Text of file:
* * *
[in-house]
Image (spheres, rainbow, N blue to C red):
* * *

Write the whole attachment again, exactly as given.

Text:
[in-house]
Image (spheres, rainbow, N blue to C red):